An IRQ is needed for Radeon cards to initialize properly so you should also ensure your BIOS has such an option and it's set to "Yes" (Assign IRQ to AGP VGA or similiar). Other BIOS options to look for:
    a) Ordering in the BIOS is set to order AGP over PCI VGA..
    b) Palette snooping is disabled
    c) AGP Aperture (set to 64MB for default)
    d) Spread Spectrum off
    e) Driving Strength AUTO or disabled
    f) PCI Latency 64

    You may or may not have the above settings available to change in your BIOS, but if you do, set them as above with the tnt2, then save/exit, power off and swap the card.

    Lastly, the step-down to lower AGP speeds also changes the voltage. It's possible your mainboard has a bad voltage regulator (small caps on the motherboard) or power supply that cannot provide clean/adequate power at the different AGP speed. There are a number of hardware issues that can cause this.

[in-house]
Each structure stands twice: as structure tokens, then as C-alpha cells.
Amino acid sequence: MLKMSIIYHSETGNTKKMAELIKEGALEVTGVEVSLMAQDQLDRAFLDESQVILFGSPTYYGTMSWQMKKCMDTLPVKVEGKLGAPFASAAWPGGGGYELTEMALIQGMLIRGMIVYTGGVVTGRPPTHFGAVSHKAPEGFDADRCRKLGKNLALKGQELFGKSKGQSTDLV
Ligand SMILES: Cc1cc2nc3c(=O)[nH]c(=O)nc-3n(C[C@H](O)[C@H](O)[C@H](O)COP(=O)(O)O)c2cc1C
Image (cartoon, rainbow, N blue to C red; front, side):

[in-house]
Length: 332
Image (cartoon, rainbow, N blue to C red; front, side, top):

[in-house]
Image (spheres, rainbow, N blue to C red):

Good luck!
     
  6. mscdex

    mscdex TS Rookie Topic Starter

    I was under the impression it was a built by ATI radeon. Not sure how to tell exactly. The silver heatsink says "Powered By ATI" on it, and there's a white sticker on the back of the card with "Radeon 9000 64M DDR TVO", two barcodes, a P/N, a S/N, a PCB# and "Made In China." I can take pictures if needed.

    I upgraded the BIOS the first day I started trying to get the card to work (last week) but didn't help any. I just checked the link you provided and it lists a newer one than I had installed (I have P14 I think, which I thought was the latest when I last went to their site). I will try updating to this bios revision and see if it helps any.